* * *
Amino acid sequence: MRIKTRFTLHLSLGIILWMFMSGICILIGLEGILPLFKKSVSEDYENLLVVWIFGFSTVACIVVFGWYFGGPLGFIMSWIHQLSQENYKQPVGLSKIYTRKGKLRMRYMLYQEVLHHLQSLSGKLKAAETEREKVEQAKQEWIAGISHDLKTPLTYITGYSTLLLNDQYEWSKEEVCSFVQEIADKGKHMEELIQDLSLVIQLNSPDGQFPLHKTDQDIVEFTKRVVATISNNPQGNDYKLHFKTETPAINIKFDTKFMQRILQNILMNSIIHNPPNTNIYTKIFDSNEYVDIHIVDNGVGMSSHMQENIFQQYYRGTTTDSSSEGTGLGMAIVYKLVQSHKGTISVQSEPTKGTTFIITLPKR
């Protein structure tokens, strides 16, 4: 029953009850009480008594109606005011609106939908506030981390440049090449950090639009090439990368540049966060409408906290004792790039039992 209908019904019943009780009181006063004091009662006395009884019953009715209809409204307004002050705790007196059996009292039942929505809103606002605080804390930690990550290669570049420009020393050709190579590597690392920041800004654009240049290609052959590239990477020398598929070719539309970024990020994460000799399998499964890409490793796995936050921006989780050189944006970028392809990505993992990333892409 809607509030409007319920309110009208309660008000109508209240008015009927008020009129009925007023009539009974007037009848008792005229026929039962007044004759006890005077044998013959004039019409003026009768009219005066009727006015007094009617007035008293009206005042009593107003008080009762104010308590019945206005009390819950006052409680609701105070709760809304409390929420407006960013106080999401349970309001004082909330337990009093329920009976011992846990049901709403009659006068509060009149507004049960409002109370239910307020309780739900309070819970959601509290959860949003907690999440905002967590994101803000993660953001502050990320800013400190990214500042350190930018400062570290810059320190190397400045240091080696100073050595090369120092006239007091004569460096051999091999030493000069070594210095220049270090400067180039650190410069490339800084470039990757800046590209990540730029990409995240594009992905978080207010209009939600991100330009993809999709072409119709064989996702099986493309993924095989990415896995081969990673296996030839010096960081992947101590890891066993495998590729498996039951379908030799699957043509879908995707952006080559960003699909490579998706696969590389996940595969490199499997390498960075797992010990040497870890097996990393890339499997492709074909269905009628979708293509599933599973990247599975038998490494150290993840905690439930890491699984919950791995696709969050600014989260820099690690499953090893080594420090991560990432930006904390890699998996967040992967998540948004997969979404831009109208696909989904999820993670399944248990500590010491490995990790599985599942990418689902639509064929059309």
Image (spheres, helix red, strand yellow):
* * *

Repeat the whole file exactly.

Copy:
Amino acid sequence: MRIKTRFTLHLSLGIILWMFMSGICILIGLEGILPLFKKSVSEDYENLLVVWIFGFSTVACIVVFGWYFGGPLGFIMSWIHQLSQENYKQPVGLSKIYTRKGKLRMRYMLYQEVLHHLQSLSGKLKAAETEREKVEQAKQEWIAGISHDLKTPLTYITGYSTLLLNDQYEWSKEEVCSFVQEIADKGKHMEELIQDLSLVIQLNSPDGQFPLHKTDQDIVEFTKRVVATISNNPQGNDYKLHFKTETPAINIKFDTKFMQRILQNILMNSIIHNPPNTNIYTKIFDSNEYVDIHIVDNGVGMSSHMQENIFQQYYRGTTTDSSSEGTGLGMAIVYKLVQSHKGTISVQSEPTKGTTFIITLPKR
């Protein structure tokens, strides 16, 4: 029953009850009480008594109606005011609106939908506030981390440049090449950090639009090439990368540049966060409408906290004792790039039992 209908019904019943009780009181006063004091009662006395009884019953009715209809409204307004002050705790007196059996009292039942929505809103606002605080804390930690990550290669570049420009020393050709190579590597690392920041800004654009240049290609052959590239990477020398598929070719539309970024990020994460000799399998499964890409490793796995936050921006989780050189944006970028392809990505993992990333892409 809607509030409007319920309110009208309660008000109508209240008015009927008020009129009925007023009539009974007037009848008792005229026929039962007044004759006890005077044998013959004039019409003026009768009219005066009727006015007094009617007035008293009206005042009593107003008080009762104010308590019945206005009390819950006052409680609701105070709760809304409390929420407006960013106080999401349970309001004082909330337990009093329920009976011992846990049901709403009659006068509060009149507004049960409002109370239910307020309780739900309070819970959601509290959860949003907690999440905002967590994101803000993660953001502050990320800013400190990214500042350190930018400062570290810059320190190397400045240091080696100073050595090369120092006239007091004569460096051999091999030493000069070594210095220049270090400067180039650190410069490339800084470039990757800046590209990540730029990409995240594009992905978080207010209009939600991100330009993809999709072409119709064989996702099986493309993924095989990415896995081969990673296996030839010096960081992947101590890891066993495998590729498996039951379908030799699957043509879908995707952006080559960003699909490579998706696969590389996940595969490199499997390498960075797992010990040497870890097996990393890339499997492709074909269905009628979708293509599933599973990247599975038998490494150290993840905690439930890491699984919950791995696709969050600014989260820099690690499953090893080594420090991560990432930006904390890699998996967040992967998540948004997969979404831009109208696909989904999820993670399944248990500590010491490995990790599985599942990418689902639509064929059309």
Image (spheres, helix red, strand yellow):